MacHomer: The Simpsons Do Macbeth (1995)
|Rick Miller with Jelly-Doughnut|
Like his predecessor Rich Little, Rick Miller has a gift for performing comic impressions; unlike his predecessor, Miller has transformed this mode of stand-up comedy into a rather more ambitious performance: a one-man stage adaptation of Shakespeare's Scottish play, as interpreted by almost the entire cast of The Simpsons.
The result is MacHomer, which opened to fringe festival acclaim in 1996 and has been touring North America, Australia, and the UK ever since. MacHomer is a frenetic, multimedia "de-formation and adaptation" (Fischlin, "Nation and/as Adaptation" 316) of iambic pentameter, sound bites, slapstick, puppet shows, video clips, voice-overs, and non sequiturs, as Miller's Homer takes the lead role and steers it like a drunk driver to its fate at Dunsinane. True to the Fox television program it parodies, MacHomer includes numerous allusions to and quotations from other popular culture artifacts and celebrities, such as Braveheart, Cheers, West Side Story, Sean Connery, The Muppet Show, Queen's "Bohemian Rhapsody", The Grinch Who Stole Christmas, O. J. Simpson, and The Simpsons' potty-mouth rival South Park.
The supersaturation of this play with such allusions, together with the surprising amount of original (if playfully delivered) Shakespearean dialogue, suggest that, in at least two important respects, there's more (and, simultaneously, perhaps less) going on in MacHomer than what Richard Burt has called "dumbed down Shakespeare" (Unspeakable Shaxxxspeares, 5).
Firstly, to make sense of (and fully appreciate the humour in) Miller's show requires an audience to be sufficiently familiar with both the Scottish play and the extensive cast of The Simpsons. Both sources are sufficiently popular to have made the show a consistently sold-out success. The challenge for audiences of MacHomer is to keep up with Miller's rapid-fire, virtuoso delivery of some sixty-odd impersonations. So while the content remains mostly Shakespearean dialogue (albeit cleverly butchered), the form adheres more closely to the spirit of The Simpsons TV show, with its snappy banter, barbed asides, and the verbose road signs, banners, billboards that litter the mediascape of the show's middle American background (e.g. "Brevity is ... wit!" declares the banner over a Reader's Digest booth at a Springfield book fair ). As Joanne Huffa wrote in an eye magazine review of Soulpepper's September 2001 remount, "in just over an hour, Miller manages to perform the whole play and still find time to recap the story, break-dance and sing" (eye 9 Aug. 2001: 46).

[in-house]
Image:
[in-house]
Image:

Secondly, Miller's elaborate parody represents "crucial aspects of the cultural politics of Canada" (Fischlin 316) as a nation-state whose mediascape is thoroughly colonized by U.S. cultural products. The show unflinchingly charges into the increasingly scrutinized area of copyright law between performance rights, artistic license, and parody, on the one hand, and corporate control over "brand strategy" on the other--all the while.
Reviews and reports appear to conflict over the status of the relationship between Miller and Fox, which owns The Simpsons. In a 2001 Los Angeles Times review, Phil Davis reported that while Miller met with favourable reviews from the cast of The Simpsons and its creator Matt Groening when he met them at the Edinburgh Fringe Festival in 2000, "Miller is still negotiating with Fox for official permission to do the show" ( http://www.snpp.com/other/articles/taletold.html ). Conversely, the Washington Olympian reported in 2002 that "Miller contacted Fox ... 'I told them what I was doing and they said 'sure'" ( http://news.theolympian.com/specialsections/Theater/20020308/31083.shtml ).
The line in the sand drawn by the show between parody and plagiarism has irked critics as well as copyright lawyers; the National Post's Robert Cushman derides the show as "a facile two-minute gag ... a curious blend of plagiarism and sycophancy" ("Parody Comedy at Your Peril." National Post 16 Oct. 1999: F11).
Miller himself has acknowledged the silliness, incongruity, and patent piracy of his show; nonetheless, he suggests that the show can also be viewed as a pedagogical tool, akin--however improbably--to the one-woman adaptation industry that is Lois Burdett: "'It does a wonderful thing for kids,' Miller says. 'It makes them care about Shakespeare. Whatever way that happens is positive'" (qtd. in Spevack, Leatrice. "Simpsons do Shakespeare." Toronto Star 9 Oct. 1999: H10). Miller's assumption isn't necessarily that children are The Simpsons' target audience (the writing has always suggested otherwise) but rather that they comprise a significant incidental audience and can at least identify the show's major characters if not the subtleties of its dialogue. But another assumption operating here--one that Miller shares with Burdett and many other adaptors--is "that popular cultural icons are necessary to create an educational and entertaining show" (Fischlin 316).